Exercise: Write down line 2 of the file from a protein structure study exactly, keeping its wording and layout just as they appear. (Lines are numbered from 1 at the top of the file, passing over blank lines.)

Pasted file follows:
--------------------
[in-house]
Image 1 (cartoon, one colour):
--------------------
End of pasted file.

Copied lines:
Image 1 (cartoon, one colour):